MOBIL - Maps from Great Britain
Vacuum started selling its lubricating oils in England as early as 1885 and rapidly became one of the leading brands. Early motor racing successes included the Gordon Bennett races of 1903 and the Isle of Man TT race in 1911. However Mobil (as Vacuum became) stayed out of fuels retailing until 1952 when it needed assured outlets for it new refinery at Coryton.
Mobil expanded rapidly in the next two decades becoming Britain's fourth largest petrol retailer without having made any significant acquisitions. This was largely due to being innovative in UK petrol marketing: Mobil was the first major brand to adopt self service on a large scale in the mid 1960s. In 1996, along with the rest of Mobil's European operations, the fuels were placed into a joint venture with BP and the Mobil brand disappeared from service stations. Four years later, at the start of 2000, BP acquired the minority stake in this activity of the newly formed ExxonMobil.
The six maps shown above represent the different series of Mobil maps issued in the UK. On the left is the first series, probably issued around 1955 as the logo is transitional between the old Mobilgas shield and the newer Mobil logo. These ten maps are quite uncommon and were produced by Roadfinder Maps. The map shown is most unusual as outer London is printed with white roads on a dark blue background: this does not add to its legibility! The name of the distributing garage and its manager's signature are overprinted on the rear cover. The similar set from around 1960 with the newer logo are, if anything, even harder to find.
The four tall format maps were all produced by A W Gatrell (or, from 1972, its successor company Wm Collins Sons & Co) to a common basic design. (Some maps in the mid-1970s credited Cartographic Services of Cirencester, another Collins group company). From second left, the basic cover designs were used from 1960-5, 1966-8, 1967-77 and 1978-84. Only earlier versions of the 67-77 design were preprinted with a price. Each series had five sections including London, and some were sold in a blue vinyl wallet.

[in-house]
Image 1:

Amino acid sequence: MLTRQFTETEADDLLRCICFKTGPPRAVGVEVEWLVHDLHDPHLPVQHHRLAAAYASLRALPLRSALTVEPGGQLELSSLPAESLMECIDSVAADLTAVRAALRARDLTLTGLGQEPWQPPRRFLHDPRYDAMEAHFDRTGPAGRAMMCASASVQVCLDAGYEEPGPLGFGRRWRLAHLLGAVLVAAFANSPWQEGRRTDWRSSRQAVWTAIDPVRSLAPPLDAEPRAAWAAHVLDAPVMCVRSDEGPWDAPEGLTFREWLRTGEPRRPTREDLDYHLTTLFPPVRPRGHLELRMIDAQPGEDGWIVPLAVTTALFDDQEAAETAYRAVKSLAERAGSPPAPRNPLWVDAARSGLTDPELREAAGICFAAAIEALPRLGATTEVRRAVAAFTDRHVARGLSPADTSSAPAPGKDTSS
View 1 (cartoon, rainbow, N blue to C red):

Early 1960s map courtesy of Jon Roma
Mobil produced this map (left) of the Isle of Man TT course in the late 1950s: note that the map is upside down relative to its cover. Dashed red lines indicated good viewing points along the route.
In 1992 Mobil sponsored the English Heritage visitor attraction map showing the location of their properties. The map (not shown here) included a small Mobil logo on the front cover and an advert for the company on the rear.
Text and layout © Ian Byrne, 1999-2011
All original copyrights in logos and map extracts and images are acknowledged and images are included on this site for identification purposes only.